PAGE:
Thursday, October 18, 2007

A new world comes to life when readers volunteer to read for the visually impaired!

Their dedication to others starts on the pages of the Globe Gazette and ends by illuminating the world for those who cannot see it for themselves.Kathy Jones and Jan Rasmussen, both of Mason City, are readers for the Iowa Radio Reading Information Service for the Blind and Print Handicapped, Inc.

Thanks to them and other IRIS readers, the visually impaired are able to audibly “read” the newspaper.For that service, the pair will receive the 2007 Governor’s Volunteer Award on Oct. 31 in Storm Lake.“If I couldn’t read, how awful it would be not to be able to read the newspaper,” said Rasmussen, 69. “That’s all I thought of, how much I would miss the newspaper.

So I volunteered.”Twice a month, the women come to KCMR studios and join a fellow IRIS volunteer to read articles from 8 to 9 a.m.Those who use the service have special radios to hear the broadcast, sent over a frequency that only they can receive. The radios are given free of charge.Jones, 66, heard about the service through a friend.“I tried it and ended up liking it, so I kept going,” she said.Reading of the news is “traded off” between two readers for an hour. Articles on the front and North Iowa pages are read, as well as the Opinion page, obituaries and some sports stories.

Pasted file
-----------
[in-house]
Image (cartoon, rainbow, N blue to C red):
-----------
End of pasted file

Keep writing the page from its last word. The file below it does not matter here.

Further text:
Both Jones and Rasmussen most often read with Ralph Cassady.Cassady — who earned the award last year — called both women “faithful” in their service.“We work together so well,” he said. “It really does go like clockwork. They come in at 7:45 a.m., we chat a few minutes about who will do what, and off we go,” he said.Rasmussen said she was a bit apprehensive during her first few turns at the microphone, but “I made it through,” she said with a chuckle.

“What’s really nice is that it’s actually pretty easy — but it doesn’t take a large amount of time. But you’re still doing something worthwhile for someone else,” Rasmussen said.Jones counted herself doubly lucky to be able to read. Shortly after she began, she suffered a brain aneurysm that required surgery.Several months later, however, she was back at the microphone.

Jane Ginapp, volunteer coordinator for the service, was astounded to see Jones return to service.For Jones, it was a way of giving back.“I am so appreciative of my sight, since my optic nerves were damaged during the aneurysm,” she said. “By the grace of God, I made it through.”


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